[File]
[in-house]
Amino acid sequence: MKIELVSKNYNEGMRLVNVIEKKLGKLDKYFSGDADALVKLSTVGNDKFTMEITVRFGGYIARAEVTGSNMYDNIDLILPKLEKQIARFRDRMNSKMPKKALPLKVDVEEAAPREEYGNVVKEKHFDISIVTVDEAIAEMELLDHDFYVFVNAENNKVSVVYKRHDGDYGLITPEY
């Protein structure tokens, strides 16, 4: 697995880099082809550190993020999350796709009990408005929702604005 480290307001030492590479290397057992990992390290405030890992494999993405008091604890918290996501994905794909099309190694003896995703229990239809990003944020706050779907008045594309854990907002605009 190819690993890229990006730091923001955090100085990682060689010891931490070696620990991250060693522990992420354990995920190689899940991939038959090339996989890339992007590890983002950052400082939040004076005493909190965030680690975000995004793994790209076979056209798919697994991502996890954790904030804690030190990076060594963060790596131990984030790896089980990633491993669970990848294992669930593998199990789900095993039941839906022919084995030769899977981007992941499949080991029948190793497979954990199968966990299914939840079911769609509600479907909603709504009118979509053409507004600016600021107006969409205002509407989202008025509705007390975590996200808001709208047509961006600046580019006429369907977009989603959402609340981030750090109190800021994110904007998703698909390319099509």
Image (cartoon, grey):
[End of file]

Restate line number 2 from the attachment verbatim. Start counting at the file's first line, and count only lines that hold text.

Amino acid sequence: MKIELVSKNYNEGMRLVNVIEKKLGKLDKYFSGDADALVKLSTVGNDKFTMEITVRFGGYIARAEVTGSNMYDNIDLILPKLEKQIARFRDRMNSKMPKKALPLKVDVEEAAPREEYGNVVKEKHFDISIVTVDEAIAEMELLDHDFYVFVNAENNKVSVVYKRHDGDYGLITPEY